Botox maker to pay $600M to resolve investigation

2010 report posted for filing

 

 

Botox maker to pay $600M to resolve investigation

 

By MATTHEW PERRONE, AP Health Writer Matthew Perrone, Ap Health Writer

Thu Sep 2, 4:01 am ET

 

WASHINGTON – Allergan Inc., the maker of wrinkle-smoothing Botox, has agreed to pay $600 million to settle a yearslong federal investigation into its marketing of the top-selling, botulin-based drug.

 

The Justice Department and the company said Wednesday in a statement it will plead guilty to one misdemeanor charge of “misbranding,” in which the company’s marketing led physicians to use Botox for unapproved uses. Those included the treatment of headache, pain, spasticity and cerebral palsy in children.

 

Companies are prohibited from promoting drugs for unapproved, or “off-label,” uses.

 

Allergan said it will pay $375 million in connection with the plea, which includes the forfeiture of $25 million in assets. Additionally, the company will pay $225 million in civil fines — $210 million to the federal governments and the rest to several states — related to the investigation, although the company denies liability for the civil claims.

 

Allergan, based in Irvine, Calif., also struck an agreement with the Department of Health and Human Services’ Office of the Inspector General that requires the company to submit compliance reports, and to post on its website any payments to doctors, such as honoraria, travel or lodging.

 

Allergan “paid kickbacks to induce physicals to inject Botox for off-label uses and Allergan also taught doctors how to bill for off-label uses, including coaching doctors how to miscode Botox claims leading to millions of dollars of false claims being to submitted to federal and state programs,” Assistant Attorney General Tony West said.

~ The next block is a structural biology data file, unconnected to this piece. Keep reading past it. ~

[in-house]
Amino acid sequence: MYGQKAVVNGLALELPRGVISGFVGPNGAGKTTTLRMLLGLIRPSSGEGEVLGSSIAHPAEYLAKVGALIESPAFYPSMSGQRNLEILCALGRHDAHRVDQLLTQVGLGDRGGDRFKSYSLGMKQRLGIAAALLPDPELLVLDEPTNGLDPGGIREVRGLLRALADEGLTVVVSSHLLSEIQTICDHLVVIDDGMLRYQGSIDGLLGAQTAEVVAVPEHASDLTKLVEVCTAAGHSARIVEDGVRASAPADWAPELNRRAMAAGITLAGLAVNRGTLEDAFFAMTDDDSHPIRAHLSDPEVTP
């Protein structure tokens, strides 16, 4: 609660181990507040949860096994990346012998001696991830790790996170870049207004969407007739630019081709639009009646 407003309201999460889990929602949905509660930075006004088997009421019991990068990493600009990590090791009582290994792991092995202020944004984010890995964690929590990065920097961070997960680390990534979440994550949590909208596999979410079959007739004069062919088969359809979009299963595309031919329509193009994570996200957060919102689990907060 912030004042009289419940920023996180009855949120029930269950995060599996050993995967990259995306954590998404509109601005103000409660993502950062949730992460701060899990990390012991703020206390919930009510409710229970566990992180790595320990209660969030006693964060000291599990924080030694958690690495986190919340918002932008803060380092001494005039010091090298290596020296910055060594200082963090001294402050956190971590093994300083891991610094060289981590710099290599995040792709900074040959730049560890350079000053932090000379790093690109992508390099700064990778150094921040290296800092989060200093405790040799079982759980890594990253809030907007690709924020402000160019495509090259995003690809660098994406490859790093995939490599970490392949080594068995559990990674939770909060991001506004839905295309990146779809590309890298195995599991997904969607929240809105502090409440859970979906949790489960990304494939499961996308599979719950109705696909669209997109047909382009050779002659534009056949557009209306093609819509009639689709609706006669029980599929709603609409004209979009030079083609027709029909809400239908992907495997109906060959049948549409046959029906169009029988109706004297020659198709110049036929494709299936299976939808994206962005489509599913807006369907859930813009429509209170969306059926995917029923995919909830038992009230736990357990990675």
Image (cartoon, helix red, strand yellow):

Allergan officials will make their first appearance in federal court on Thursday. The settlement is not official until approved by a federal judge.

 

“The FDA had approved therapeutic uses of Botox for only four rare conditions, yet Allergan made it a top corporate priority to maximize sales of far more lucrative off-label uses that were not approved by the FDA,” said Sally Yates, U.S. Attorney for the Northern District of Georgia. “Allergan further demanded tremendous growth in these off-label sales year after year, even when there was little clinical evidence that these uses were effective.”

 

The investigation was sparked by a whistleblower complaint, officials said, and five whistleblowers will split $37.8 million of the government’s share of the settlement.

 

Allergan’s product sales topped $4.4 billion in 2009, with Botox accounting for more than $1.3 billion of that total.

 

The Justice Department’s investigation covered Allergan’s marketing of Botox from 2001 through at least 2008.

 

Wells Fargo analyst Larry Biegelsen said the settlement is a positive for the company’s stock because it removes uncertainty.

 

“We view the settlement as a positive for Allergan as it provides cost certainty … and eliminates additional related litigation cost,” Biegelsen wrote in a note to investors.

 

In recent years, federal investigators have reached multibillion dollar settlements with Pfizer, Eli Lilly and other drug companies over their marketing practices.

 

Botox is most famous for its ability to smooth frown lines on aging foreheads, but the drug — introduced in 1989 — is also approved to treat neck spasms, eye muscle disorders and excessive underarm sweating.

 

Last year the drug won approval to treat spasms in the elbows, wrists and fingers. The drug is also widely used off-label to treat cerebral palsy in children as well as in adults, and Allergan says it is in discussions with U.S. health regulators to approve the use of Botox for children with the neuromuscular disorder.